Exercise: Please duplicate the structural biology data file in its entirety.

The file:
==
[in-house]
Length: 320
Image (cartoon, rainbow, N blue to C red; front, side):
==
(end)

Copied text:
[in-house]
Length: 320
Image (cartoon, rainbow, N blue to C red; front, side):